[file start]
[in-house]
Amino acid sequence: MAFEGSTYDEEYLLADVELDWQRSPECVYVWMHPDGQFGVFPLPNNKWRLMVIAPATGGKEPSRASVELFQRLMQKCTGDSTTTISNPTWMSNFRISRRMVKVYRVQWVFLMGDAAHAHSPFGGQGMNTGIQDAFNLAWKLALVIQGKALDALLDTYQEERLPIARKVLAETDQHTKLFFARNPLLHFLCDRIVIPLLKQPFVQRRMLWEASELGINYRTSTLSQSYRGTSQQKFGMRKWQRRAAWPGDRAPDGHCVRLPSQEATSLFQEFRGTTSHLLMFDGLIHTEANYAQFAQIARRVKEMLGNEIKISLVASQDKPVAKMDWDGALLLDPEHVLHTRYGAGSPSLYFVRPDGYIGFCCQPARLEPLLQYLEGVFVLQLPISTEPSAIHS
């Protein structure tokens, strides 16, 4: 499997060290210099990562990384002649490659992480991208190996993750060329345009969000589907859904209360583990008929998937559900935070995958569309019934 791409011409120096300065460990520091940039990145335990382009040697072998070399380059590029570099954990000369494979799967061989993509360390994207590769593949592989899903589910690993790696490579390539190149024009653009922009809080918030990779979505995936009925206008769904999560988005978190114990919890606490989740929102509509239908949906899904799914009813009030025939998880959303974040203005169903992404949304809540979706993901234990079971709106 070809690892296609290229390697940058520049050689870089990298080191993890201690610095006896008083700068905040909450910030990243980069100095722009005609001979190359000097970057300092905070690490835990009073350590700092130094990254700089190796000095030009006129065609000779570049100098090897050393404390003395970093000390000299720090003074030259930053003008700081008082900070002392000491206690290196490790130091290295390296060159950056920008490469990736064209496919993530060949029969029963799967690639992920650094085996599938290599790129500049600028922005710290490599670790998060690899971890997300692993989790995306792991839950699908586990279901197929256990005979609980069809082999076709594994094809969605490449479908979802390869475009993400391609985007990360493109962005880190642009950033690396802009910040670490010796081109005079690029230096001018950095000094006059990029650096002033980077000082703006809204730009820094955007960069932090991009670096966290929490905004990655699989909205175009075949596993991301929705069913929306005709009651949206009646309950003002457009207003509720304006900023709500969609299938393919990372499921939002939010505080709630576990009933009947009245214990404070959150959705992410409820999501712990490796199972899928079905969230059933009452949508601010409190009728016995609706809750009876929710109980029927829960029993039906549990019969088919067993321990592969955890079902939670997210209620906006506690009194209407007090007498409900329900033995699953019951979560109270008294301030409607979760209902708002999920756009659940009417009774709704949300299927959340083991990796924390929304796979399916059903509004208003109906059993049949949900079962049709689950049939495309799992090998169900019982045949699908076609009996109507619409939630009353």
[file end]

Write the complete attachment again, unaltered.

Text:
[in-house]
Amino acid sequence: MAFEGSTYDEEYLLADVELDWQRSPECVYVWMHPDGQFGVFPLPNNKWRLMVIAPATGGKEPSRASVELFQRLMQKCTGDSTTTISNPTWMSNFRISRRMVKVYRVQWVFLMGDAAHAHSPFGGQGMNTGIQDAFNLAWKLALVIQGKALDALLDTYQEERLPIARKVLAETDQHTKLFFARNPLLHFLCDRIVIPLLKQPFVQRRMLWEASELGINYRTSTLSQSYRGTSQQKFGMRKWQRRAAWPGDRAPDGHCVRLPSQEATSLFQEFRGTTSHLLMFDGLIHTEANYAQFAQIARRVKEMLGNEIKISLVASQDKPVAKMDWDGALLLDPEHVLHTRYGAGSPSLYFVRPDGYIGFCCQPARLEPLLQYLEGVFVLQLPISTEPSAIHS
């Protein structure tokens, strides 16, 4: 499997060290210099990562990384002649490659992480991208190996993750060329345009969000589907859904209360583990008929998937559900935070995958569309019934 791409011409120096300065460990520091940039990145335990382009040697072998070399380059590029570099954990000369494979799967061989993509360390994207590769593949592989899903589910690993790696490579390539190149024009653009922009809080918030990779979505995936009925206008769904999560988005978190114990919890606490989740929102509509239908949906899904799914009813009030025939998880959303974040203005169903992404949304809540979706993901234990079971709106 070809690892296609290229390697940058520049050689870089990298080191993890201690610095006896008083700068905040909450910030990243980069100095722009005609001979190359000097970057300092905070690490835990009073350590700092130094990254700089190796000095030009006129065609000779570049100098090897050393404390003395970093000390000299720090003074030259930053003008700081008082900070002392000491206690290196490790130091290295390296060159950056920008490469990736064209496919993530060949029969029963799967690639992920650094085996599938290599790129500049600028922005710290490599670790998060690899971890997300692993989790995306792991839950699908586990279901197929256990005979609980069809082999076709594994094809969605490449479908979802390869475009993400391609985007990360493109962005880190642009950033690396802009910040670490010796081109005079690029230096001018950095000094006059990029650096002033980077000082703006809204730009820094955007960069932090991009670096966290929490905004990655699989909205175009075949596993991301929705069913929306005709009651949206009646309950003002457009207003509720304006900023709500969609299938393919990372499921939002939010505080709630576990009933009947009245214990404070959150959705992410409820999501712990490796199972899928079905969230059933009452949508601010409190009728016995609706809750009876929710109980029927829960029993039906549990019969088919067993321990592969955890079902939670997210209620906006506690009194209407007090007498409900329900033995699953019951979560109270008294301030409607979760209902708002999920756009659940009417009774709704949300299927959340083991990796924390929304796979399916059903509004208003109906059993049949949900079962049709689950049939495309799992090998169900019982045949699908076609009996109507619409939630009353």